Now on the train home I drop my pass as I doze off, my fellow bench passenger coming to my rescue. As I put on my sweater, a moth files out. I pick up my new library book, Sweeping Beauty: Contemporary Women Poets Do Housework and already feel some kindred spirits may emerge. Will they share my deep thoughts of late, such as true love doesn’t mean you need to be together all the time, but rather that you can be apart? Will they reflect on saying Yes as a parent when you can, so you can say No when you have to? Perhaps one of the poets will inspire me to figure out what I meant when I scrawled on a napkin now posted on my bulletin board: “soul grabbing but not gut wrenching.”

Ah, full days, full evenings, full of summer sun on the best of days, and with a breath of breeze on the perfect ones. I know our world hurts and many people in it, and I raise a note of praise to those who work while others sleep, or read or write about their wonderful days while wishing life was full of them for everyone.

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Blue Flame

Days of summer are nearly upon us. I say nearly since, although here in New England we had a spectacular weekend, today and later this week our low temps will be in the 50’s once again. This means the armaments of our wardrobe have expanded rather than permanently contracted: the fleece and thick socks remain and the mud boots and baseball caps (for those of us who can’t find the umbrellas: everyone in my house) are front and center, and the shorts continue to be exhumed. Still, it’s a welcome transition, and reflects, I suppose, the speed at which our own household is changing.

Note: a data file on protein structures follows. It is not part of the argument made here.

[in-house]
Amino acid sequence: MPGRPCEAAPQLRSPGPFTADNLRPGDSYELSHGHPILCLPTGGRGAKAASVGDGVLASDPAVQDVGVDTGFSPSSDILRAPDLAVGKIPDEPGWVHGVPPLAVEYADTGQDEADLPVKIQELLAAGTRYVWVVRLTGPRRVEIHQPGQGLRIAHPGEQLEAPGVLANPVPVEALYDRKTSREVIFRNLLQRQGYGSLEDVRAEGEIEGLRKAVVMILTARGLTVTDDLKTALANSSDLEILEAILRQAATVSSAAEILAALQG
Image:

Our youngest is nearing the middle of a 3 week school trip to France and Germany via Switzerland. The “middlers,” as they are affectionately known, are here at home until the elder middler marries in a little over 2 weeks. She and I have flown to Texas and back, my husband has flown to LAX and back, and elsewhere in the mix, the real oldest and her husband moved their household of 3 to a relative’s basement as they await a more permanent move out of the Rockies into the Corn Belt. All are on the move.

So here enter the blue flame, the indigo bunting we saw dart across our path at least 3 weeks ago on the morning marsh walk. Fast and flighty, he was quite the contrast to the majestic eagle of the last post. In his, different way, this little bird lit up the air, rushing into the lush greenery for another bug, another perch, or, perhaps, a rest.

For rest he does need occasionally, and so do we all. Days are full and we fill their extended light with so many things to which we need attend. Thus it is good to consider, even for a brief moment, the blue flame and the wake that follows. His image has simply stuck with me through all our own flights. In my mind’s eye I can still see him, and then he’s gone.